That's Really Why Representation is Important

When someone sees him or herself represented in fiction it transforms the experience. Tyrion Lannister is a great character in his own right, but he is also a little person who has to deal with all the challenges, slights, and difficulties that comes with his condition even while he struggles not to let it define who he is. John Constantine (at least in his source material) was a character who happened to be bi-sexual, and while that trait didn't define him it could act as a touchstone for viewers to identify with him (particularly men who are having trouble finding heroes that aren't purely heterosexual).

This book has even been praised for its female lead, if you can believe it.
You're probably noticing that in the examples I keep giving there's a plethora of characters for white males. That observation just goes to prove the point that while there are examples of diversity and representation in fiction, it could be argued that many more are needed to reflect the makeup of the audiences who are actually reading all of this content.

That is the point of the current discussion about representation in fiction.

No one is telling authors that they have to write books about leads from non-Western cultures, who have non-Christian religions, who have non-mainstream sexuality (including asexuality), or characters who have disabilities. No one is going to force authors to change their characters' genders, ethnicities, ways of speech, or even the way they dress. It's been made very clear that the reading public will be happy to consume good stories if the characters are well-constructed, the plot is engaging, and the book leaves them wanting more.

That said, it does bear thinking that in the changing demographics of the world it might be a good idea to have someone save the day who isn't a heterosexual white man. Especially if you really want your book to stand out.

As always, if you want more from the Literary Mercenary then go to my Patreon page and become a patron today! To keep up on my updates either fill in your email address in the box on the right hand side of the screen, or follow me on Facebook or Tumblr.

Monday, September 22, 2014

The Best Alternative to Google Adsense

Before we get started with this week's post, I wanted to let my readers know the Literary Mercenary has its first official shirt paying homage to one of the great rock stars of the written word.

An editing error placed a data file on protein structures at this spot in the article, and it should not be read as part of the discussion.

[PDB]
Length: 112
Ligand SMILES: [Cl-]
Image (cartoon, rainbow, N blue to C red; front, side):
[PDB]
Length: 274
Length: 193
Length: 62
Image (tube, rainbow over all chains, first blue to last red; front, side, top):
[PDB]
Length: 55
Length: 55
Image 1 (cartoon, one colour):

Willy Shakes, telling it like it is.
This design, along with several others, is available in the Literary Mercenary's storefront right here. Tell your family, tell your friends, and let everyone know you don't work for free.

Speaking of not working for free, this week we're discussing Google AdSense and how unreliable it can be for those who want to make a serious living.

What Are You Talking About?

Anyone who's followed this blog for a while knows I have used Google AdSense for many years. I've outlined how the process works, and I've explained to many readers just how they too can enjoy the benefits of Google AdSense to monetize their blogs. Even when Yahoo! Voices shuttered its doors and the journalism market dried up, I knew that Google always had my back.

Or at least I thought it did.

That would be me. Way off in the background. Looking the other way. Minding my own business.
For those of you who want the nitty gritty details, I wrote a blog post about how Google kicked me out of their clubhouse and cut up my Google AdSense access card right here. I'd like to say it was an article about why it happened, but it seems when Google drums you out of the service you are not given a reason why you're being thrown out on your ear.

I told you that so you know, dear readers, that when I tell you there are alternatives to Google AdSense out there you can trust I know what I'm talking about.

The Best Google AdSense Alternative

Whether you couldn't get a Google AdSense account of your own, you had one and were thrown out, or you just don't trust Google and would prefer to use another company to monetize your blog, you've probably noticed there aren't many options out there. Google is one of the biggest companies in the world, and the amount of resources it controls online is intimidating to say the least. So when you go on a pilgrimage as an outcast from Google's lands, you are walking across the wasteland that was once Google's competition.

Here lies Squidoo, last of the line of trueborn content creators.